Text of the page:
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IDC predicts uncertainty in IT spending over Coronavirus

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The International Data Centre (IDC), said worldwide IT spending will increase by five per cent this year, but with a few caveats. For one, the Coronavirus is front and centre this year, as businesses keep a tight grip on short-term investments. China was expected to post IT spending growth12 per cent this year, up from last four per cent last year, due in part to the U.S. trade deal.
  
According to IDC, the coronavirus looks likely to inhibit this growth to something less, “but it’s too early to quantify the impact on other regions. Risks are more weighted to the downside in the Asia-Pacific region, which is currently forecast to post a five per cent increase in IT spending growth this year. Pre-coronavirus, the United States’ IT spending growth was projected to be seven per cent this year, while Western Europe had a positive three per cent forecast.
 


Spending on software and services investments will remain stable this year, while smartphone sales are expected to recover on the back of wider 5G upgrades in the second half of 2020, according to IDC.
  
Minus Smartphones, IT spending will drop from seven per cent growth last year to four per cent this year. Software growth will be slightly down from 10 per cent in 2019, to less than nine per cent this year.   
  
IDC said IT services would drop from four per cent last year to three per cent this year. PC sales are projected to decline by six per cent in 2020, compared to a growth rate of seven per cent in2019.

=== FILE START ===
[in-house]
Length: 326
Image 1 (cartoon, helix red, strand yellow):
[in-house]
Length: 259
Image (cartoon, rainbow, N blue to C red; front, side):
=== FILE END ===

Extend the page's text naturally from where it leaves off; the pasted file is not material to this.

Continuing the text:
“Much of this year’s growth is dependent on a positive Smartphone cycle as the year progresses, but this is under threat from disruption caused by the coronavirus crisis,” said Programme Vice President in IDC’s Customer Insights &Analysis Group, Stephen Minton, in a statement.He added:” Our current forecast is for broadly stable tech spending in 2020, but PC sales will be way down on last year, while server/storage investments will not recover to the levels of growth seen in 2018, when hyper scale service providers were deploying new data centres at an aggressive pace.”
  
Last year hyper scale providers, such as Facebook, cut back on their CAPEX spend, which had a negative impact on vendors such as Arista Networks. In 2020, hyper scale service provider IT spending will bounce back to nine per cent growth, which would be up from three per cent last year but off of 2018’s pace.

 
Cloud infrastructure and digital service providers will continue to increase their IT budgets, to keep up with strong user demand for cloud and digital services.
 
“Much of the explosive growth in service provider spending from 2016 to 2018, was driven by aggressive rollout of servers and storage capacity, but more spend is now moving to software and other technologies, as these providers seek to drive into higher-margin solution markets including AI and IoT,” said Minton.

“Nevertheless, after infrastructure spending cooled last year, we expect service providers pending to be broadly stable and positive in the next few years, because these firms need to keep driving up capacity in order to deliver services to end-users,” he added.


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